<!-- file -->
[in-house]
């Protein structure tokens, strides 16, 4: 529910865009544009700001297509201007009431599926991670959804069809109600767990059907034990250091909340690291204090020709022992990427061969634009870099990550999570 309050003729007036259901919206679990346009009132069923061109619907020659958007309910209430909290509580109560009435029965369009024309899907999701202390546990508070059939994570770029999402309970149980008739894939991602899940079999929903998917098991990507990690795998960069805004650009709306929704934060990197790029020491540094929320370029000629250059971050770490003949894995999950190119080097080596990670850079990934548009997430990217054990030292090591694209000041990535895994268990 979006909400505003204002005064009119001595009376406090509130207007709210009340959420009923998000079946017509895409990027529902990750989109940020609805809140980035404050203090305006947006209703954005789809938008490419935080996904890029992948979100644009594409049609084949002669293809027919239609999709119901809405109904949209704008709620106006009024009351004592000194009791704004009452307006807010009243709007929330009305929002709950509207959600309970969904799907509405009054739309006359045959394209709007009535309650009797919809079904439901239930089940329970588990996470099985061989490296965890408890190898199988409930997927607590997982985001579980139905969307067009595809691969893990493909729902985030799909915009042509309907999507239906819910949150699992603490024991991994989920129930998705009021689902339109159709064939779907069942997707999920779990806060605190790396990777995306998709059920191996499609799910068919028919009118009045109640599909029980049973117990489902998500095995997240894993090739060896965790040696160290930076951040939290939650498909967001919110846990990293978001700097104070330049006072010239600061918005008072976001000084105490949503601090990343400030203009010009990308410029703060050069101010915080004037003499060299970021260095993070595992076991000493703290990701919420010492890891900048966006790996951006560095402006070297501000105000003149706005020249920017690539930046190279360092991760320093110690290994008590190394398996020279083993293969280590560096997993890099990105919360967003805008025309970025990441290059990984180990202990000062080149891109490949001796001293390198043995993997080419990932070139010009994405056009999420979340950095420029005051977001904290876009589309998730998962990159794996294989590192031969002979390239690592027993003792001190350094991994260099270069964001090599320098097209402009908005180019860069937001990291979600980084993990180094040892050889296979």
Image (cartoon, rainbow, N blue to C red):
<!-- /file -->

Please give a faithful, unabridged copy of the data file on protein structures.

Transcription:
[in-house]
């Protein structure tokens, strides 16, 4: 529910865009544009700001297509201007009431599926991670959804069809109600767990059907034990250091909340690291204090020709022992990427061969634009870099990550999570 309050003729007036259901919206679990346009009132069923061109619907020659958007309910209430909290509580109560009435029965369009024309899907999701202390546990508070059939994570770029999402309970149980008739894939991602899940079999929903998917098991990507990690795998960069805004650009709306929704934060990197790029020491540094929320370029000629250059971050770490003949894995999950190119080097080596990670850079990934548009997430990217054990030292090591694209000041990535895994268990 979006909400505003204002005064009119001595009376406090509130207007709210009340959420009923998000079946017509895409990027529902990750989109940020609805809140980035404050203090305006947006209703954005789809938008490419935080996904890029992948979100644009594409049609084949002669293809027919239609999709119901809405109904949209704008709620106006009024009351004592000194009791704004009452307006807010009243709007929330009305929002709950509207959600309970969904799907509405009054739309006359045959394209709007009535309650009797919809079904439901239930089940329970588990996470099985061989490296965890408890190898199988409930997927607590997982985001579980139905969307067009595809691969893990493909729902985030799909915009042509309907999507239906819910949150699992603490024991991994989920129930998705009021689902339109159709064939779907069942997707999920779990806060605190790396990777995306998709059920191996499609799910068919028919009118009045109640599909029980049973117990489902998500095995997240894993090739060896965790040696160290930076951040939290939650498909967001919110846990990293978001700097104070330049006072010239600061918005008072976001000084105490949503601090990343400030203009010009990308410029703060050069101010915080004037003499060299970021260095993070595992076991000493703290990701919420010492890891900048966006790996951006560095402006070297501000105000003149706005020249920017690539930046190279360092991760320093110690290994008590190394398996020279083993293969280590560096997993890099990105919360967003805008025309970025990441290059990984180990202990000062080149891109490949001796001293390198043995993997080419990932070139010009994405056009999420979340950095420029005051977001904290876009589309998730998962990159794996294989590192031969002979390239690592027993003792001190350094991994260099270069964001090599320098097209402009908005180019860069937001990291979600980084993990180094040892050889296979």
Image (cartoon, rainbow, N blue to C red):